On March 5-7, The School of Design hosted a two-day event that included presentations and reviews of its doctoral students, followed by a day-long Transition Design Symposium. Transition design is an important new area of design research, practice and study that is being developed at the School of Design. It explores how to make everyday life more sustainable, but also more convivial and connected to the natural world.
Transition Design seeks to develop lifestyles that are at once place-based and cosmopolitan, and infrastructures that are integrated into their ecosystems; it focuses on long horizons of time, rather than quick fixes; and it believes that new technologies have an important role to play in the ‘transition’. Transition design informs projects, curricula and programs, and is a particular focus for doctoral students.
The symposium brought together faculty, doctoral students and doctoral alumni as well as a number of academics and educators from a range of disciplines from other institutions. These included anthropologist Arturo Escobar (University of North Carolina), designer Ezio Manzini (Milan Polytechnic), sociologist Damian White (Head of the department of History, Philosophy & Social Science, Rhode Island School of Design), Dennis Doordan (Associate Dean of Research, School of Architecture, University of Notre Dame,) design educators Lara Penin and Eduardo Staszowski (Parsons New School), and Anne-Marie Willis, editor of Design Philosophy Papers Journal (German University, Cairo), among others.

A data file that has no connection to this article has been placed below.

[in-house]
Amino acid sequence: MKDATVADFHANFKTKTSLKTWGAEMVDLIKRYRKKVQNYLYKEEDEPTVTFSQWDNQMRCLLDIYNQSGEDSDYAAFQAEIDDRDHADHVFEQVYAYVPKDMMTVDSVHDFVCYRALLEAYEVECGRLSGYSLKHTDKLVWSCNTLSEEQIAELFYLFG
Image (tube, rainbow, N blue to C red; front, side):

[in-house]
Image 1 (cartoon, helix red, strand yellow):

The symposium was structured around the ‘position papers’ that had been submitted by participants. These papers responded to questions posed in a ‘Provocation and Briefing’ document produced at the School of Design. Their topics were wide ranging and grouped into several themes which formed the skeleton of the day’s discussions: Futures; Social Design and Service Design; Types of Change; Personal Change/Transition and Education. It is hoped that these papers will be published in various formats in the coming months.
The School sees the event as a way of broadening and deepening the discussion about what transition design is, or what it could be, and hopes that this conversation will be taken up and furthered in other institutions.